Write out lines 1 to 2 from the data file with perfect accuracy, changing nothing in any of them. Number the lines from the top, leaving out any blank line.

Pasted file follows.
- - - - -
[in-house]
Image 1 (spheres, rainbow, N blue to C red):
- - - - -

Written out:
[in-house]
Image 1 (spheres, rainbow, N blue to C red):